Chemical vapor deposition of refractory metals is a means of producing films which are free from most of the limitations associated with sputtering. CVD refractory metal films display excellent step coverage and can be deposited with low stress levels and with no cracking or adhesion problems. However, with current CVD techniques, only a limited number of wafers can be processed at a time. With current CVD processes, the refractory metal tends to deposit on all exposed, heated surfaces on the semiconductor device wafer, e.g. silicon, SiO2 and Si3 N4. In order to form a pattern of refractory metal, a metal coating is deposited on the entire wafer, then patterning steps are employed to remove the metal from all but the desired areas. The patterning steps add significantly to the overall cost and complexity of fabricating the devices.
It is in general an object of the invention to provide a new and improved process for forming a coating of tungsten or other refractory metal in the fabrication of semiconductor devices.
Another object of the invention is to provide a proces of the above character in which an adherent coating on the refractory metal is selectively deposited on silicon and certain other materials but not oh materials such as SiO2 and Si3 N4.
Another object of the invention is to provide a process of the above character in which patterns of refractory metal can be deposited without the conventional patterning steps of the pior art.
Another object of the invention is to provide a process of the above character which results in an improved product in which a structure is produced which has a uniform layer of refractory metal deposited on the sides and top of a polysilicon pattern on a wafer. The structure is distinguished by having substantially equal thickness of refractory metal deposited on the top and side walls o the silicon.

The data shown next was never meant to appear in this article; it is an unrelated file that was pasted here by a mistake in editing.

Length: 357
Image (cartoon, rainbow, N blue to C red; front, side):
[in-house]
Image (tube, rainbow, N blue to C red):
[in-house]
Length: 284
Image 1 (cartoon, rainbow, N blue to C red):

Another object of the invention is to provide a pocess of the above character in which a layer of refractory metal is deposited on a layer of silicon so that a refractory metal silicide is formed by a subsequent heat treatment.
These and other objects are achieved in accordance with the invention by effectin a reduction of a gas containing the refractory metal at a relatively low temperature (e.g. 220°-400° C.) and pressure (e.g. 0.1-10 torr ) in a reactor. The coating formed by this process has been found to deposit more readily on some materials than on Others, and by proper choice of substrate materials, it is possible to effect a selective coating of certain portions of the wafer. In addition, interconnecting films formed over silicon patterns by this process have exceptionally uniform thickness along both the sides and tops of the strips.
FIG. 1 is a schematic drawing of one embodiment of a vapor deposition reactor for carrying out the process of the invention.
FIGS. 2 and 3 are enlarged cross-sectional views of embodiments of sections of a silicon wafer having an interconnecting refractory metal film formed in accordance with the invention.